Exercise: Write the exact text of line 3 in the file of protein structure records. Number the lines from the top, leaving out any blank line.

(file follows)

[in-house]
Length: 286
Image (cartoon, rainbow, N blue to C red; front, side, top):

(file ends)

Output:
Image (cartoon, rainbow, N blue to C red; front, side, top):